The Newsagent

Paul Farley

copyright ©Paul Farley 2006

My clock has gone although the sun has yet to take the sky.
I thought I was the first to see the snow, but his old eyes
have marked it all before I catch him in his column of light:
a rolled up metal shutter-blind, a paper bale held tight

between his knees so he can bring his blade up through the twine,
and through his little sacrifice he frees the day’s headlines:
its strikes and wars, the weather’s big seize up, runs on the pound.
One final star still burns above my head without a sound

as I set off. The dark country I grew up in has gone.
Ten thousand unseen dawns will settle softly on this one.
But with the streets all hushed I take the papers on my round
into the gathering blue, wearing my luminous armband.

Notes on the Poem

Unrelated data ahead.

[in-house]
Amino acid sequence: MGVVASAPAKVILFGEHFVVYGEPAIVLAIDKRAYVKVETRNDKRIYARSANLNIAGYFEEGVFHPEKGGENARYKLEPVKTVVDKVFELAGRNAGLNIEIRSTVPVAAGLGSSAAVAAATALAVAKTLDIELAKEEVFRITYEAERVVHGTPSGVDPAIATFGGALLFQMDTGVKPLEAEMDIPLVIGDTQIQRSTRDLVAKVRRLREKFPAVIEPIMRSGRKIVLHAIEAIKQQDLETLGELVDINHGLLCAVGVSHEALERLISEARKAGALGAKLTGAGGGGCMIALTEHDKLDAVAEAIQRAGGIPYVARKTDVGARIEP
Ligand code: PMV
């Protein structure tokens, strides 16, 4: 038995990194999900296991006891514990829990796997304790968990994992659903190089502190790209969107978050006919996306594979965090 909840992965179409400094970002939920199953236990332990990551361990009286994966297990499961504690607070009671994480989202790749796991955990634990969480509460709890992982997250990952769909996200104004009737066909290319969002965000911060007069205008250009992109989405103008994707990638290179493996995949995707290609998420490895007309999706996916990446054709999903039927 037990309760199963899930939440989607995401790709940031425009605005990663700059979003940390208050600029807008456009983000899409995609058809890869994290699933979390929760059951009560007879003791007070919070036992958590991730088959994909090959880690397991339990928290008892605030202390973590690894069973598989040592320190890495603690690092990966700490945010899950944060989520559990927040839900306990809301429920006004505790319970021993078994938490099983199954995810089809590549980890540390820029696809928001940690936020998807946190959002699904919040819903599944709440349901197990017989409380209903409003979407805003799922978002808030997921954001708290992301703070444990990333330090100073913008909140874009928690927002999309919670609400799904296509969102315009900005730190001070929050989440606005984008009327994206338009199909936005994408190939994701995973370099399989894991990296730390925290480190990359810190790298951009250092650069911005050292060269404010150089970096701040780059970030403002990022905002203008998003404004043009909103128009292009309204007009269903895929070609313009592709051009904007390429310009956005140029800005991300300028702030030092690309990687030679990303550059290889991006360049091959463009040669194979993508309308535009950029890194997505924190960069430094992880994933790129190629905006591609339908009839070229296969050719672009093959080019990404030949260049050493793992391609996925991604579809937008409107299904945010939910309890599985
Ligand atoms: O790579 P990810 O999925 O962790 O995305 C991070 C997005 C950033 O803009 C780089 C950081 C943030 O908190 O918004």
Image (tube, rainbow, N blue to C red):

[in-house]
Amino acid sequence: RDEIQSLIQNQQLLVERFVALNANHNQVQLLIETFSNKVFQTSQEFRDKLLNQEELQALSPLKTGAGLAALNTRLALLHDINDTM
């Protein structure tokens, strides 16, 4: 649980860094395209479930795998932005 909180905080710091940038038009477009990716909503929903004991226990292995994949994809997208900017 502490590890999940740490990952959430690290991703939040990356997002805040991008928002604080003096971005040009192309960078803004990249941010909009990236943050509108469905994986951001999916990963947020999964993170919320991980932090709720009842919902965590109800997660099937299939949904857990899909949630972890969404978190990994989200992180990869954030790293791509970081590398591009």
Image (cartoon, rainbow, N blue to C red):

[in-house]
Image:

"The Newsagent", a deceptively understated poem by Paul Farley, juxtaposes small, simple images and gestures against movements, activities and influences much broader in scope and implication. Doing so, what does Farley achieve in the poem's economical 12 lines? The narrator's alarm clock opens the poem, waking him before sunrise. That the narrator is forced to rise so early suggests a demanding, menial, unnoticed and unappreciated vocation, but that plain declaration also has an element of pride to it. Not only does the narrator choose to be up before dawn, but it's almost as if he and his clock purposefully have the jump on the sun. While the narrator convinces himself he can beat the sun, he also observes that it's his employer's actions that unleash the news. When the newsagent snips the binding around the newspapers, that brings forth the world's "strikes and wars, the weather's big seize up, runs on the pound." The conundrum is that what the newsagent is setting free are forces that the narrator surely doesn't welcome. If he has control, why isn't he releasing wonderful and benevolent things? But the narrator doesn't allow himself to get dismayed. He picks up his papers, that cascade of woe unbundled by the newsagent, and makes his way out on his rounds. The changing colour of the sky hints that the sun will rise for another day. Till it does, the narrator's armband offers illumination. From a dimly lit, perhaps bleak opening, has Farley left us with some defiant optimism after a mere and modest 12 lines?

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